With time served and the usual deductions for good behavior, Tunnell could be a free man by the time he is sentenced.
This week, however, Martinez announced that his office will seek to retry Tunnell on the six charges this jury could not decide upon.
"We're going to do it again and see what a different set of 12 people has to say," he said. "We're going to give it a heck of a try."
Let's hope so.
The state had put all its efforts into prosecuting Tunnell, agreeing to let his three co-defendants take plea agreements in exchange for their testimony against him.
Except that only one of them — Kimberly Galczynski, the 25-year-old mother of three of the four children — testified at trial, and apparently not convincingly.
Galczynski, now expecting her fifth child though she has not been allowed to reclaim custody of the others, testified that she knew of the shockings and the beatings and had told Tunnell to stop it.
But she said she never called police, never tried to rescue her children from the ongoing abuse because she wasn't allowed to leave the house or use the phone.
Also apparently unable or unwilling to stop the abuse was Galczynski's husband, Anthony Welker, and his mother, Brenda Mundo, Tunnell's girlfriend.
According to the criminal complaint, Mundo, 52, knew about the abuse but left the room when it began; Welker, 23, used the belt and the electric shock box a time or two but said the children "just go along" with it.
Galczynski, who is still married to Welker though she is pregnant by a new boyfriend, pleaded guilty to four counts of conspiracy to commit child abuse and received five years of probation. She is serving that back in Missouri, living with an aunt and dreaming of a time when she never has to set foot in New Mexico again.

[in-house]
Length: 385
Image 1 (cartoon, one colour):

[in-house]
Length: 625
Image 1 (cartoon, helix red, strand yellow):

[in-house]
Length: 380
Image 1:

If I might speak for New Mexico, it's safe to say the feeling is mutual.
"I love my babies!" she wrote in her Facebook account this past Mother's Day. "They are my pride and joy!"
Welker, who looks not much more than a child himself, pleaded no contest in October to four counts of third-degree felony child abuse. His mother — Grandma B, as the kids called her when she wasn't leaving them taped to a chair — accepted a similar plea.
Both remain in custody awaiting their sentencing.
As for the children, Galczynski's brood is in her mother's custody in St. Louis.
The fourth child is Mundo's grandson from another son. No one can tell me what has become of him.
There are special places in prisons for those accused of abusing children, a special place in hell for them as well.
Let's hope that hell is even worse than the one these children have gone through.
UpFront is a daily front-page news and opinion column. You can reach Joline at 823-3603, firstname.lastname@example.org or follow her on Twitter @jolinegkg.
Read more: ABQJOURNAL UPFRONT: Seeking Justice After Kids' Electrified Hell http://www.abqjournal.com/upfront/25233432160upfront06-25-10.htm#ixzz0s7YX6kjF